Cabinet approves sale of govt’s stake in REC to PFC
Move will help govt raise ₹14,000 crore, taking it closer to its FY19 disinvestment target
New Delhi: The government is likely to net around ₹14,000 crore in its disinvestment kitty with the Cabinet Committee on Economic Affairs (CCEA) on Thursday approving the sale of the government’s stake in state-run Rural Electrification Corp. Ltd (REC) to another state-run firm, Power Finance Corporation (PFC), along with management control.
The decision also signals the creation of a major lending institution for the Indian power sector and is expected to reduce competition, while leveraging synergies and achieving economies of scale, as REC and PFC are the biggest lenders in that space.
The “in principle” approval for the strategic sale of the government’s 52.63% of total paid up equity shareholding in REC will take it closer to its ₹80,000 crore target of disinvestments in this fiscal year and help it meet the fiscal deficit target of 3.3% of gross domestic product (GDP) in 2018-19. So far, the government has garnered only ₹32,737 crore, on account of the collapse of plans to privatize Air India.
The transaction will have to be approved by the Competition Commission of India, the Securities and Exchange Board of India, the Reserve Bank of India, lenders, the boards of the two public sector units and minority shareholders.
“The acquisition intends to achieve integration across the power chain, obtain better synergies, create economies of scale and have enhanced capability to support energy access and energy efficiency by improved capability to finance power sector. It may also allow for cheaper fundraising with increase in bargaining power for the combined entity,” the government said.
The government is also considering the sale of the Satluj Jal Vidhyut Nigam Ltd (SJVNL) to NTPC Ltd, a government official said on condition of anonymity.
This marque transaction comes at a time when power has emerged as one of the highly stressed sectors, with close to ₹1 trillion of loans having turned bad or been recast. Around 66 gigawatts (GW) of capacity is facing various degrees of financial stress. This includes 54.8GW of coal-based power (44 assets), 6.83GW of gas-based power (nine assets) and 4.57GW of hydropower (13 assets).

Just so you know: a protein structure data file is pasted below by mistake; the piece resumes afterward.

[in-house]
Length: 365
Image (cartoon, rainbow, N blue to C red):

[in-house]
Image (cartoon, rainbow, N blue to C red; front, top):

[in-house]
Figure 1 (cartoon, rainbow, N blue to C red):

The cabinet also decided to increase the share of government contribution to National Pension Scheme accounts of government employees from 10% to 14%, the official said. However, the government did not make a formal announcement on this in view of ongoing state elections.
The cabinet also approved the agriculture export policy aimed at doubling agricultural exports to $60 billion by 2022 by removing export restrictions on organic and agro-processed products as well as through the diversification of products. Marine products and meat constitute 52% of agri-exports at present prices, said commerce minister Suresh Prabhu, emphasizing the need for diversification. “We will remove export restrictions on most agri-products, except on sensitive products like onion,” the minister said.
Prabhu said the government will merge existing schemes to invest up to ₹1,400 crore in agri-export clusters as part of the strategy.
The cabinet also approved a proposal for establishing a monitoring framework at the commerce ministry as the nodal body, with representation from various line ministries/departments and agencies and concerned state governments, to oversee the implementation of the agriculture export policy.
Frequent changes in the agri-export policy depending on the domestic price situation is considered to be a hindrance in boosting farm exports. The new policy is likely to stabilize India’s policy towards export of farm products.
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